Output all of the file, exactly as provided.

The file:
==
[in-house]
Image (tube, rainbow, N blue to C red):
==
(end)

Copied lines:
[in-house]
Image (tube, rainbow, N blue to C red):